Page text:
Fotoprint Ltd.
975 Pandora Avenue
Victoria, BC V8V 3P4

P250 382 8218
F250 382 9952
TF1 888 382 8211
 

RGB or CMYK?

RGB and CMYK are two different methods for generating/viewing colours. RGB files must be converted to CMYK before printing.

What is RGB?

The colours you see on your computer monitor, smartphone, TV, digital cameras, etc. are in RGB (Red, Green, Blue).

What is CMYK?

Commercial printers print with CMYK (Cyan, Magenta, Yellow, blacK), also known as '4 Colour Process'.

You convert from RGB to CMYK (recommended)

Many graphics software programs give you the option to work in either RGB or CMYK colour spaces. An image created in RGB is not going to look the same when it's printed using the CMYK four colour process. That means you should convert your images to CMYK before you pass the file to us. The best way to do that is by creating your document in a CMYK workspace and converting your RGB images to CMYK in Photoshop (ideally using the GRACoL profile) before placing them in your document. All of this should be done BEFORE you make a PDF, unless you are working in software which doesn't support conversion, like MS Word or Apple Pages. Other times it may be a matter of timing or necessity (e.g. you've collected a bunch of tiny logos from Web sites, and the output quality isn't critical for this project). We have set up a system at Fotoprint which scans your entire PDF and converts images to CMYK using the GRACoL profile, which is the profile our equipment is calibrated to.

Or... we will convert from RBG to CMYK

If you are a professional designer, we may assume that an RGB file was provided to us unintentionally, and we will advise you accordingly. For the majority of jobs, however, we will proceed with converting and outputting a proof, but will advise that you see the proof in person to confirm the conversion meets your needs.

Further Study

What are the limitations of soft proofing?

A PDF proof, or soft proof, is a useful tool but needs to be used with CAUTION. Specific limitations are:

  • The colour of the printed piece will not match your screen/monitor. Even with the best calibration and monitor profiling, there is no reliable way to make an RGB monitor match a CMYK print. A hardcopy proof is the only option for making sure that the end result will be what you are expecting.
  • It's human nature to skim over an item on the screen, where mistakes tend to jump out more on a printed page.
  • Sizing, folding, pagination, and orientation are very hard to judge on a screen.
  • Low resolution images won't be noticeable on the screen, but will stand out like a sore thumb on the hardcopy.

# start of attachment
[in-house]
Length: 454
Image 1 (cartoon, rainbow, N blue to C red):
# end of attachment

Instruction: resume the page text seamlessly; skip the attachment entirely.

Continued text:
• Graphic designers utilizing transparencies, overprints, duotones, and other techniques need to see a hardcopy to determine how these will print.

For all orders at Fotoprint, we generate a hardcopy proof at the same time as the online version. Every proof except wide-format will be accurate to the finished print (wide format is a reasonable match, a stock-match colour-accurate proof can be obtained for an additional fee)

What is the difference between RGB and CMYK colour?

RGB and CMYK are two different methods for generating/viewing colours. RGB files must be converted to CMYK before printing.

What is RGB?

The colours you see on your computer monitor, smartphone, TV, digital cameras, etc. are in RGB (Red, Green, Blue)

What is CMYK?

Commercial printers print with CMYK (Cyan, Magenta, Yellow, blacK), also known as '4 Colour Process'.

You convert from RGB to CMYK (recommended)

Many graphics software programs give you the option to work in either RGB or CMYK colour spaces. An image created in RGB is not going to look the same when it's printed using the CMYK four colour process. That means you should convert your images to CMYK before you pass the file to us. The best way to do that is by creating your document in a CMYK workspace and converting your RGB images to CMYK in Photoshop (ideally using the GRACoL profile) before placing them in your document. All of this should be done BEFORE you make a PDF, unless you are working in software which doesn't support conversion, like MS Word or Apple Pages. Other times it may be a matter of timing or necessity (e.g. you've collected a bunch of tiny logos from Web sites, and the output quality isn't critical for this project). We have set up a system at Fotoprint which scans your entire PDF and converts images to CMYK using the GRACoL profile, which is the profile our equipment is calibrated to.

Or... we will convert from RBG to CMYK

If you are a professional designer, we may assume that an RGB file was provided to us unintentionally, and we will advise you accordingly. For the majority of jobs, however, we will proceed with converting and outputting a proof, but will advise that you see the proof in person to confirm the conversion meets your needs.